All of us engage in and make use of valid reasoning, but the reasoning
we actually perform differs in various ways from the inferences
studied by most (formal) logicians. Reasoning as performed by human
beings typically involves information obtained through more than one
medium. Formal logic, by contrast, has thus far been primarily
concerned with valid reasoning which is based on information in one
form only, i.e., in the form of sentences. Recently, many
philosophers, psychologists, logicians, mathematicians, and computer
scientists have become increasingly aware of the importance of
multi-modal reasoning and, moreover, much research has been undertaken
in the area of non-symbolic, especially diagrammatic, representation
systems.[ 1 ]
This entry outlines the overall directions of this new research area
and focuses on the logical status of diagrams in proofs, their
representational function and adequacy, different kinds of
diagrammatic systems, and the role of diagrams in
Could spacetime be derived rather than fundamental? The question is pressing because attempts to quantize gravity have led to theories in which (arguably) there are either no, or only extremely thin, spacetime structures. Moreover, recent proposals for the interpretation of quantum mechanics have suggested that 3-dimensional space may be an ‘appearance’ derived from the 3N -dimensional space in which an N -particle wavefunction lives (cross-reference). In fact, I will largely assume a positive answer, and investigate how it could be; in particular, I want to explicate the role of philosophy in producing a satisfactory explanation of spacetime, providing a roadmap for philosophical engagement with quantum gravity. First, I will explain why such a derivation can be described as ‘emergence’.
The science fiction novel Quarantine portrays a world wherein interaction with human observers is necessary to collapse quantum wavefunctions. The author, Greg Egan, amusingly puts the emphasis on the observers being human — aliens can’t do it. Aliens are therefore at a tremendous disadvantage. As we gaze at the night sky, we are constantly collapsing alien worlds, depriving them of their branch diversity. Whole civilizations are being snuffed out by our observations! Understandably the aliens grow tired of this. In response they erect an impenetrable shield around the solar system, one that blinds us to the outside universe. This shield protects the rest of the universe from harmful human observation, locking humanity into a starless Bubble.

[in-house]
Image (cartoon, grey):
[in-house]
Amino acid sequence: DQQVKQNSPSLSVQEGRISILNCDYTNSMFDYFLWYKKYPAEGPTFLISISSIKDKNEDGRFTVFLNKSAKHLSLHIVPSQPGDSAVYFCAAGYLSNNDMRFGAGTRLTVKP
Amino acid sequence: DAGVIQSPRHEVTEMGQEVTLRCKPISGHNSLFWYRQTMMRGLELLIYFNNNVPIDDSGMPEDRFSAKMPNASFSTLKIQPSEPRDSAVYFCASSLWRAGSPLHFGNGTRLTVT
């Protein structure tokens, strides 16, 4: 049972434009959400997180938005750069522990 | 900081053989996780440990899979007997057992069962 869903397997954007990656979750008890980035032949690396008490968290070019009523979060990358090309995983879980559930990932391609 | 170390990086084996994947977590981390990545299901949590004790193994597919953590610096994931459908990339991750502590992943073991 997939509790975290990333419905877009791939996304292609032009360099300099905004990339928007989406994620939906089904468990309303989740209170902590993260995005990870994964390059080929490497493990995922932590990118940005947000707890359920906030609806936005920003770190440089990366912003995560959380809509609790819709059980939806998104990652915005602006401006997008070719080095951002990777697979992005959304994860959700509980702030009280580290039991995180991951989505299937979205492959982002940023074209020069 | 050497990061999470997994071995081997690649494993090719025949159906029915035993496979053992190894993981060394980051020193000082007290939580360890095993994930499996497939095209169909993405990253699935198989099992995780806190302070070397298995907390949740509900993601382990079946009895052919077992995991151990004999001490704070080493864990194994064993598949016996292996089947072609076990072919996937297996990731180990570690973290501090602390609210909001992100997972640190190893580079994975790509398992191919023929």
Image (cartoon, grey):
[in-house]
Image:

The clock hypothesis is taken to be an assumption independent of special relativity necessary to describe accelerated clocks. This enables to equate the time read off by a clock to the proper time. Here, it is considered a physical system—the light clock—proposed by Marzke and Wheeler. Recently, Fletcher proved a theorem that shows that a sufficiently small light clock has a time reading that approximates to an arbitrary degree the proper time. The clock hypothesis is not necessary to arrive at this result. Here, one explores the consequences of this regarding the status of the clock hypothesis. It is argued in this work that there is no need for the clock hypothesis in the special theory of relativity.